Manga has more than 30 genres and subgenres (horror, detective, comedy, historical drama, etc) that vary by their style and content and discover the diversity of the readers and thematic encompassing of manga. The bases of segmentation are plenty but one of the biggest separations is the one based on age and sex e.g., Shonen (for boys under the age of 18), Shojo (for girls under the age of 18), Josei (for adult women, girls), Senien (for men). More details are shown in the chart.

The Typology of Manga. Main Types

Kodomomuke manga is a “nicer” graphic style for kids. Initially it was affected by the Disney cartoons and comics, especially after World War 2. More famous examples of Kodomomuke manga are Osamu Tezuka’s “New Treasure Island” (Shin Takarajima, 1947) and “Astro Boy”(Tetsuwan Atomu, 1952-68)

Shonen Manga- Manga style aimed at boys under the age of 18 which has a huge genre diversity e.g., sports, science fiction, horror etc. The leading role players are basically males. Shonen manga got very popular in the 1960s. It is published mostly in specialized magazines (Shonen Jump) and is republished in the tankōbons[6] (with individual volumes). Some of more famous examples of Shonen manga are “Dragon Ball” (1984-95), “Slam Dunk” (1990-96), “Naruto” (1999-2004).

Seinen Manga- Is marketed toward adult men. With its genre inclusion it’s like Shonen manga (sports, politics, science fiction). More famous examples of Seinen manga are “Berserk”, “Ghost in the Shell” (1989-1990).

Shojo Manga- Is aimed at girls under the age of 18. It covers all the styles, from historical drama to science fiction. Shojo mana has matured in the 1970s. One of the most successful shojo artists is Takeuchi Naoko, the author of “Sailor Moon” (1992-97). Just like shonen manga, shojo is published in specialized magazines and is republished in the tankōbons too.

Josei Manga- Is aimed to adult girls and women and is like Shojo manga with its main features. Some of more famous examples of Josei manga are Yun Kōga’s “Loveless” and Ai Yazawa’s “Paradise Kiss”.

Gekiga

The word is of two components, “geki” which is translated as a theatre and “ga” a picture[7]. Thus “gekiga” means theatrical manga with more skilled and realistic characters. Very quickly the term got realized by the Japanese artists who didn’t want that their works were not identified with manga. Gekiga differs from ordinary manga with not only its plot, but the painting style too. In the 1960s kids who had been reading postwar mangas were no longer juveniles and had requirement of manga based on new, more realistic stories with real characters. Unlike the format of postwar manga, the characters of Gekiga are not always immortal and have life limits. Gradually the death theme got imported in Gekigas. In this style “Ninja Bugeicho (“Secret Martial Arts of the Ninja”, 1959-62), “Kamuiden” ( 1964-71) are the special ones.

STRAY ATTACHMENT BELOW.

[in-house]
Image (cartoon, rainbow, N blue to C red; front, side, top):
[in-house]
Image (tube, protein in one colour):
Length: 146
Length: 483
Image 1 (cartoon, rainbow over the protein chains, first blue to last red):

Beside the genre diversity, Japanese manga is different with its structure and format. Manga got its present-time appearance only after World War 2. Traditionally it was published in black and white format not on the most qualified paper (based on economy status and resource restrictions) and it maintains its look till now though it also can be found illustrated pages in the beginning or the end of manga. And what about the structure of contemporary manga, the role of Osamu Tezuka is priceless here. Osamu Tezuka set considerable changes in the world of manga until his death (1989). According to Natsume who does researches of Tezuka’s works, the most remarkable revolution set by “the God of manga” was the changes of the panels of manga, their ranking and the harmonization of characters as well. Before Tezuka, no matter it’s about manga consisted of 4 panels or longer stories, the reading method was unified. The first must-read panel was always above the right corner, later you have to go down along the column, then pass to the left part, just like in Japanese books that are read from right to left and vertically from top to bottom, unlike Western books, from left to tight, horizontally. But Tezuka acknowledged that by its visual effect manga is closer to a film than literature. So he inserted the technique of horizontal painting in manga beginning from the right upper corner directing to the left upper part in horizontal way. After spreading of this idea Tezuka changed sizes of the panels in order to be possible to emphasize more important scenes, to increase the level of accuracy of manga and to insert the design of three-dimensional body shapes.

Thanks to him heroes with big eyes like Disney characters and charming faces which is one of the main features of manga. In manga the characters are more realistic and humane. They have their own character features, charisma, characteristics which lets the reader follow the character’s progress, understand their feelings and perceive them as real humane characters.

In Japanese manga the textual component is less than in comics. The main emphasis is on the visual images (it’s easier and faster to read, 3.75 seconds per page on average[8]) from which the content of fiction doesn’t suffer. All this is best shown in Naoki Urasawa’s “Monster”.